First Friday Breakfast Club Scholars
2021 – 2022 Scholars
This year we honor: Jackson Bloodsworth, Elizabeth Boese, G Ellerbroek, Hannah King, Iris Mackenzie, Taylor Mayhue, Abby McLeod, Matthew Monsivais, Ellis Montgomery, Molly Moorhead, Alaynah Rieck,and Estella J. Ruhrer-Johnson. As you can see from their brief backgrounds below, their collective efforts have reached all across the state of Iowa. The program for the awards ceremony is here. The class picture of these scholars is here.
First Friday Breakfast Club Scholars
2020 – 2021 Scholars
This year we honor: Moira Blue, Allissa Cox, Leah Kaminsky, Keon Kruse, Maverick Meimann, Emmaline Mitchell, Greyson Pullen, Michael Rosenberg, and Lennon Schriever. As you can see from their brief backgrounds below, their collective efforts have reached all across the state of Iowa.
At the FFBC meeting on July 2, 2021, people gathered online via Zoom to celebrate this year’s group of Iowa high school seniors who have distinguished themselves with efforts to reduce homophobia and educate about LGBTQ issues in their schools and communities. Quite apart from their distinguished academic records, each of these nine, remarkable young people undertook courageous efforts to advance the cause of civil equality for all people.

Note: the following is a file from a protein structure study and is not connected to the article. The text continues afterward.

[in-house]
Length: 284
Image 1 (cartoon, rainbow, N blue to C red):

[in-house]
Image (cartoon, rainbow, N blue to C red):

Each scholar will receive a scholarship of $4,500, in two installments, to be used for any expenses incurred during their post-high school educational endeavors. It matters not whether that endeavor is in college somewhere or a technical school. The scholarships are awarded to deserving students, regardless of gender, sexual orientation, transgender status, or other personal characteristic.
These scholars join dozens of others who have received scholarships over the past 26 years who have gone on to further distinguish themselves in myriad ways. Thus far, more than $450,000 has been awarded, thanks to the generosity of FFBC members and LGBTQ+ allies. In 2020-21, a record-setting $50,000 was raised during our pandemic year of Covid-19 restricted activities. One hundred percent of the money raised goes to the scholarships; contributions are not used to raise the money, a somewhat unique thing that can be said about the FFBC scholarship program and fundraising. The more money raised, the more money that will be given in scholarships.